All drivers have a duty to obey the rules of the road to prevent harm to themselves and others. This includes yielding to other drivers and pedestrians in certain situations. Failure to yield the right of way as required by law can cause a serious car accident and potentially lead to liability for any resulting injuries.
If you have been hurt by a motorist who failed to yield, you may be eligible to pursue compensation against the at-fault driver. Our legal team is ready to discuss your rights in a free consultation.
Who Has the Right of Way in Wisconsin?
Wisconsin’s right-of-way laws dictate who goes first and who must wait and yield in traffic. These laws are in place to remind motorists to share the road with others and do everything they can to avoid a preventable accident. Your lawyer can review these laws to help determine whether the other driver involved in your accident is at fault for the crash.
When Drivers Must Yield the Right of Way
Drivers must yield the right of way in the following situations:
When you come to a four-way stop without a traffic signal, you must come to a full stop and then proceed. The first motorist at the intersection has the right of way. When you approach an intersection without a traffic signal at approximately the same time as another vehicle, you must yield to any vehicle approaching from the right. When a vehicle is speeding the driver of that vehicle forfeits the right of way.
When you enter a roundabout or traffic circle, you must yield the right of way to traffic from the left. Drivers must also yield the right of way for traffic already on the main road if they are entering a road from a driveway or alley. If you are on a dead-end road, you are required to yield to cross-traffic.
When approaching an intersection controlled by a traffic signal or traffic officer, you are required to yield to a pedestrian or bicyclist in a crosswalk if he or she is using the crosswalk in a safe manner. This is in accordance with Wisconsin statute 346.23.
Motorists at an intersection or crosswalk not controlled by a traffic signal or traffic officer are also required to give a pedestrian the right of way when he or she in a marked or unmarked crosswalk. A pedestrian not in a marked or unmarked crossing would need to yield the right of way to any motorist.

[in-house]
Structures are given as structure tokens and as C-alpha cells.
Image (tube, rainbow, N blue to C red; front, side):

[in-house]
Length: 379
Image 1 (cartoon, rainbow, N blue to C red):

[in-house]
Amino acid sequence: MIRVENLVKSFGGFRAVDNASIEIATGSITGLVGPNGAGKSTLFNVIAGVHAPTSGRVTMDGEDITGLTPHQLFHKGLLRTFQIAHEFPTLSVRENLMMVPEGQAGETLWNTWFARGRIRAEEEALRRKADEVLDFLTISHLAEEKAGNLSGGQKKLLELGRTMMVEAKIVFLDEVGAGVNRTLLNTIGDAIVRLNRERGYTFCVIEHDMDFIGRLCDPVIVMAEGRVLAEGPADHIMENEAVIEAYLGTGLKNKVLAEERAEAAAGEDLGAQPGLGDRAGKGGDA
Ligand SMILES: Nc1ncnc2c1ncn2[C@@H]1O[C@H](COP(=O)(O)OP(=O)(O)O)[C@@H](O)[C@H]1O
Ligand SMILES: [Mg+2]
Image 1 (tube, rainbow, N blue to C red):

You are also required to stop no less than 10 feet away from a pedestrian using a guide dog or carrying a white cane or walking stick until he or she is off the road, regardless of whether the pedestrian is violating any laws applicable to pedestrians.
You are required to yield the right of way to any emergency vehicles using an air horn, siren or red or blue flashing lights. These vehicles could include:
- Police cars
- Fire trucks
If an emergency vehicle is approaching from any direction, you must to pull over to the right side of the road or near the right as you safely can, listen for instructions from the vehicle’s loudspeaker and remain standing in such position until the emergency vehicle has passed.
Despite these laws, many motorists continue to disregard them and cause serious car accidents. Understanding these rules, however, is important to protect yourself and others in any given situation.
What If Someone Fails to Yield the Right of Way?
Drivers who fail to yield the right of way can be stopped by the police, issued a citation and can get four penalty or demerit points added to their driving record.
Additionally, if the driver’s failure to yield resulted in a crash, you could file a claim against the at-fault party for damages you suffered. An Oshkosh auto accident lawyer from our firm knows how to prove a driver’s failure to yield violated his or her duty to use reasonable care and caused your injuries.
You may be eligible to seek compensation to help cover past and future medical bills and lost income. Wisconsin allows recovery provided you are not more at fault than the other party for the accident.
Get the Compensation You Need After an Accident
At Sigman Janssen, we offer comprehensive legal representation to many car crash victims, including those involved in failure to yield accidents. Our lawyers are prepared to review your situation and discuss the legal remedies that may be available to you in a complimentary, no-obligation consultation.
If we determine that you have a valid claim, you pay us nothing up front for our services unless we collect compensation on your behalf.
Call (877) 888-5201. Serving Clients Throughout Wisconsin.